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December 15, 2020

Should pregnant women get the COVID-19 vaccine? Medical groups weigh in

Women should discuss potential risks and benefits with their health care provider, experts say

Women's Health COVID-19
Pregnant COVID Vaccine Mvorocha/Pixabay

Research has shown that pregnant women are at high risk of severe COVID-19, ICU admission and mortality. Women also make up almost 75% of health care workers who are out on the front lines of the COVID-19 pandemic.

In the absence of specific safety data on the effects of Pfizer's COVID-19 vaccine on expectant and breastfeeding women, the U.S. Food and Drug Administration says they can decide for themselves whether to line up for the needle jab. 

The vaccine, a joint effort between Pfizer and BioNTech, is recommended for everyone over the age of 16, according to the emergency use authorization. It has proven to be 95% effective at preventing COVID-19 illness after two doses given three weeks apart.

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Pregnant and breastfeeding women were not eligible for clinical trials, though some participants were unknowingly pregnant when they received the vaccine. Yet, there was not enough data to make determinations on its effects on pregnant women. 

Moderna's COVID-19 vaccine, currently under FDA review, also lacks data for this group.

Rather than bar pregnant and breastfeeding women from receiving the vaccine based on this lack of data, the FDA opted to allow them to chose whether to get inoculated. The agency also did not endorse the Pfizer vaccine for them. It only indicated that long-term data are needed to make an assessment.

The U.S. Centers for Disease Control and Prevention echoed the FDA in its vaccine recommendations.

"This is a really huge step forward in recognizing women's autonomy to make decisions about their own health care," Dr. Emily Miller, an obstetrician at Northwestern University and a member of the COVID-19 task force of the Society for Maternal & Fetal Medicine told the NYTimes.

While there isn't any specific vaccine safety data, the benefits generally outweigh the risks for expectant and breastfeeding mothers, medical experts say.

The Society for Maternal & Fetal Medicine says it is critical for these women to be vaccinated when it becomes available to them.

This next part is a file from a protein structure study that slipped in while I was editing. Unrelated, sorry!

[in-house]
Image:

Research has shown that pregnant women are at high risk of severe COVID-19, intensive care admission and death. Women also make up almost 75% of all health care workers who are on the front lines of the COVID-19 pandemic.

The CDC estimates that 330,000 health care workers will be pregnant or will have recently given birth when COVID-19 vaccines become more widely available.

The American College of Obstetricians and Gynecologists also agreed that the COVID-19 vaccine should not be withheld from pregnant or breastfeeding women who meet the other criteria for vaccination.

The organization released a statement saying women should be free to make their own decision in conjunction with their health care provider. And they should be supported if they choose not to get vaccinated.

Important factors to consider include the level of activity of the coronavirus in the community, the risk and potential severity of maternal disease and the effects of COVID-19 on the fetus or newborn. And once safety data is available, that also will need to be factored in.

Women who are pregnant or breastfeeding are advised to consult their health care providers about the benefits and potential risks before making a decision.

As more vaccine data is released, one of the vaccines may be more suitable for pregnant and breastfeeding women than the others, the experts say.

Data from Developmental and Reproductive Toxicity animal studies on Pfizer's COVID-19 vaccine is expected to provide some of this data. So far, there have been no major safety issues reported and no indication that the vaccine should be contradicted.

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